By Jeff Fortin
A recent study published by GAO caused quite a bit of uproar over medical device security. The GAO declared in its report [read more] that the FDA has not put enough oversight in the premarket approval (PMA) of certain medical devices that are susceptible to threats. In the report the GEO referred to an experiment described in the 2008 IEEE Symposium on Security and Privacy. The experiment was conducted by a number of experts in security, medicine and engineering. They demonstrated the potential for a hacker to expose patient information as well as interfere with the correct operation of a medical device. The FDA has agreed to the GAOs insights – however pointed out that there have been no real world threats that have been reported to date. According to the FDA, it did consider unintentional threats for information security, but did not consider information security risks from intentional threats until recently. In summary, the HHS – governing body for the FDA, concurred with the GAO recommendations and have initiated activity in this direction. Medical device manufacturers must take the threat of security seriously.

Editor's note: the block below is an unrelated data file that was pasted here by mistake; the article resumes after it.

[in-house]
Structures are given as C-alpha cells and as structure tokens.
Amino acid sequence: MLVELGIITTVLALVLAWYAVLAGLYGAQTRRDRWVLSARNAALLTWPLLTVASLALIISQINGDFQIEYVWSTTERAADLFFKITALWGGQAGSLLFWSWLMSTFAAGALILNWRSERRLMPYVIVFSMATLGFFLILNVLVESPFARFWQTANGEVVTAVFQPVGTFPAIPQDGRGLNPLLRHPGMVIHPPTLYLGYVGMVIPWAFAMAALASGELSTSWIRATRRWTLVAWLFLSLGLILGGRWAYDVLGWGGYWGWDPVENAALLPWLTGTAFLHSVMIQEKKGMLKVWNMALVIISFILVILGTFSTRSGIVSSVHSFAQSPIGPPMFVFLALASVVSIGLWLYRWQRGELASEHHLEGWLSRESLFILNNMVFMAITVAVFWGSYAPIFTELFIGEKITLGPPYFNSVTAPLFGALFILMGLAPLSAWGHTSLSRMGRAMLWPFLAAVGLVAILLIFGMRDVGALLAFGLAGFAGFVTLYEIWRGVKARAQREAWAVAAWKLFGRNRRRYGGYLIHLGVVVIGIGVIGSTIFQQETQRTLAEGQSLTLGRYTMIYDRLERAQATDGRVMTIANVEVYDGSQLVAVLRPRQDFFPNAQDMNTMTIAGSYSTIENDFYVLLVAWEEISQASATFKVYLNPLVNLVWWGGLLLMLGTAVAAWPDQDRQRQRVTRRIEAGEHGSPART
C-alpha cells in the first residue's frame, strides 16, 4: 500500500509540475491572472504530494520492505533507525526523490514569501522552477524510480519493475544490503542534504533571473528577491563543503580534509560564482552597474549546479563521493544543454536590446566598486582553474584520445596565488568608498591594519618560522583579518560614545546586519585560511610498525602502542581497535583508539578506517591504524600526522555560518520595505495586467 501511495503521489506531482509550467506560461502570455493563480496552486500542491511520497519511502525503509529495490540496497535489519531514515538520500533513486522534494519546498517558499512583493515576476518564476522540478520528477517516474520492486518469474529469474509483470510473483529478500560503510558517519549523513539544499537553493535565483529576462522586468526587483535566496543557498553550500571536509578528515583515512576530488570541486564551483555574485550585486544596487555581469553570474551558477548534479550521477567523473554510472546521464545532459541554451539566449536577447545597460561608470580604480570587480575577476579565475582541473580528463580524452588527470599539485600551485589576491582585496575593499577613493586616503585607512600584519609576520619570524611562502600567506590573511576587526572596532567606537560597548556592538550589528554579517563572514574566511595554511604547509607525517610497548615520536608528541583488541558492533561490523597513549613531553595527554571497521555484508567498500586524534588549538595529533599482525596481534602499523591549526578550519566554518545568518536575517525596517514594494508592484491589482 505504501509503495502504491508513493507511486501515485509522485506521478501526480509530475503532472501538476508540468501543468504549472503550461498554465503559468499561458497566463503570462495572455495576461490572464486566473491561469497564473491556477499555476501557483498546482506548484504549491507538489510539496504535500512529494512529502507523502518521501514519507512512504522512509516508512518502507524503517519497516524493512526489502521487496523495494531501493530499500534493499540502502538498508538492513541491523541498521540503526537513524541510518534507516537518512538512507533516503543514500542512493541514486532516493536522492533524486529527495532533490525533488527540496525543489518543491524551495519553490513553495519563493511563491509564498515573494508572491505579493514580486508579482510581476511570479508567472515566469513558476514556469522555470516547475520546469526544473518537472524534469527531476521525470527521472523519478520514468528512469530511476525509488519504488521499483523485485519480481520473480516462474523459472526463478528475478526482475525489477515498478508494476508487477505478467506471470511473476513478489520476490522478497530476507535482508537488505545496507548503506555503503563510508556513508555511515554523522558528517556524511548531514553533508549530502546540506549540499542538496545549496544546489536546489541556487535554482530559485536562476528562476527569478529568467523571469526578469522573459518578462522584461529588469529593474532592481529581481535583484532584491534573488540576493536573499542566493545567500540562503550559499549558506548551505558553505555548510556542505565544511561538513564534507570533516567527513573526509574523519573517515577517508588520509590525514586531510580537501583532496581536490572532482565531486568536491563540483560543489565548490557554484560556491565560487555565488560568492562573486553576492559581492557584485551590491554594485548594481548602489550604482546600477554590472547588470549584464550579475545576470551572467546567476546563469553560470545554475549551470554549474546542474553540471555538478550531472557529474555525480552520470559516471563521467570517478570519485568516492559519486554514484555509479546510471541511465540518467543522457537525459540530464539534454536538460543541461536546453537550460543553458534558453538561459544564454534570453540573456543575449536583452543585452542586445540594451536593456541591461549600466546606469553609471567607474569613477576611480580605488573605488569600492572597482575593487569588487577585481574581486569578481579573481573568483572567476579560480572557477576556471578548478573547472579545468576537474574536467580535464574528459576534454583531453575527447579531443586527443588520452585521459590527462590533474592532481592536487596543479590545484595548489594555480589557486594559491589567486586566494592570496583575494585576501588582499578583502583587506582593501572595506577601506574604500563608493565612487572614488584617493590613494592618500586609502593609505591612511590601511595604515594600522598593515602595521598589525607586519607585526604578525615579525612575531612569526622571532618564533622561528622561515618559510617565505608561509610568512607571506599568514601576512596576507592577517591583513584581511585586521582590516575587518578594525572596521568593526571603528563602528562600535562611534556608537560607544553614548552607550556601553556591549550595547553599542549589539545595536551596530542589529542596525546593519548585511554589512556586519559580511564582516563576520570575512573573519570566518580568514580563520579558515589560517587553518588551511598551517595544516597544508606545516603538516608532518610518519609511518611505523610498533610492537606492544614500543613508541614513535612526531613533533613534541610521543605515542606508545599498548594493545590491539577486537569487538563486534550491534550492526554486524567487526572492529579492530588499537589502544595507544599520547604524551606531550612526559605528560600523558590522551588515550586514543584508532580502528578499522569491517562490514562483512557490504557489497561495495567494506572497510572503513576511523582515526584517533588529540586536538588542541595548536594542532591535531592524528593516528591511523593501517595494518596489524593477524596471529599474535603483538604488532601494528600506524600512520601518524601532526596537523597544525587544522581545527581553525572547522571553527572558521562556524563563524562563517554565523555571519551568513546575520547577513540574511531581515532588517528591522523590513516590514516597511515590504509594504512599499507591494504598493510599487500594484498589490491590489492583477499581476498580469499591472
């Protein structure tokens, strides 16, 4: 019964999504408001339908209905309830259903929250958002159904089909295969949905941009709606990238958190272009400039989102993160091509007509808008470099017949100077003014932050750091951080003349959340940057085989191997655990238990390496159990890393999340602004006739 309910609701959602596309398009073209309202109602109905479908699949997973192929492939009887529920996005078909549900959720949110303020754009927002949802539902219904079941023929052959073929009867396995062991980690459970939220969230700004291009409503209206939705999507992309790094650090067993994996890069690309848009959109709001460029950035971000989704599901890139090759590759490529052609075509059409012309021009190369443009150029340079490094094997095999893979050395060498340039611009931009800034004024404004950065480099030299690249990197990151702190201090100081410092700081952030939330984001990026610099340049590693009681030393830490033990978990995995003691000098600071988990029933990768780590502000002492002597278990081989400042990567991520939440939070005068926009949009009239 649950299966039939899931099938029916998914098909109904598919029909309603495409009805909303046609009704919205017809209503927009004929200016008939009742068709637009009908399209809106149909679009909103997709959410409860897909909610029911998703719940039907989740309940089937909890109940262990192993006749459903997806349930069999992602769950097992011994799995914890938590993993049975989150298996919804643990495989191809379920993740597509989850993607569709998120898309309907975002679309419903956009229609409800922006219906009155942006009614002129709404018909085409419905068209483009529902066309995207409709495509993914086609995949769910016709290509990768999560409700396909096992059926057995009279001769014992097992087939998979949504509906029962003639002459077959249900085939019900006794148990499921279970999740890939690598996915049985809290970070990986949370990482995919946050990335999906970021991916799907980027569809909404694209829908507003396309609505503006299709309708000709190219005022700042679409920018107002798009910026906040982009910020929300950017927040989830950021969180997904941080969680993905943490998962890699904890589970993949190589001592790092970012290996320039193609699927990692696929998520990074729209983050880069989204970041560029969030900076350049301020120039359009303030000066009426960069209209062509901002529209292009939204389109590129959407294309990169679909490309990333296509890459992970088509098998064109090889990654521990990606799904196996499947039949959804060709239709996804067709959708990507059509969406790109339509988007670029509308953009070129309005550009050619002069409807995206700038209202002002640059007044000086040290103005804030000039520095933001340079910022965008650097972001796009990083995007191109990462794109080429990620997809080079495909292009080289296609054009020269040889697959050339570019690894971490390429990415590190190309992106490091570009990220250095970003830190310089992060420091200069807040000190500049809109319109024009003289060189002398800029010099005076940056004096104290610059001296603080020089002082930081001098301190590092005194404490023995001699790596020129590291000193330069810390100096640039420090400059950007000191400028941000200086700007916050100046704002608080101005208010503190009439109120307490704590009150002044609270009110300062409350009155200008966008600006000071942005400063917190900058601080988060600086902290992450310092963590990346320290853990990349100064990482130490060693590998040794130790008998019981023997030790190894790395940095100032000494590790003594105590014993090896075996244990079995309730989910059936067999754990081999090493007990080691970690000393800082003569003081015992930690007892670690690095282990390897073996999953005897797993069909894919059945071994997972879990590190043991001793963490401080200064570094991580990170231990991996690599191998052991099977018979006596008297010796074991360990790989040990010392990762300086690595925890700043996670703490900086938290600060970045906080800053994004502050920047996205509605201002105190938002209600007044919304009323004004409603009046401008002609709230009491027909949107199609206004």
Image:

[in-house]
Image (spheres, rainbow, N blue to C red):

Of all medical devices, devices that are implantable, portable or used in a home health scenario represent a growing concern for security and information privacy. I refer to these classes of devices as embedded medical devices. Developers and manufacturers of embedded medical devices are increasingly exposed to security risks as these devices become more complex and also connected to open networks. The good news is that in responding to this threat they need not operate in a vacuum nor do they need to re-invent the wheel. Best practices exist in other industries that can be leveraged by medical device manufactures. Of them the most straightforward is to design your products with security in mind. In other word, design for security. Here are a few things to think about when you design your medical devices.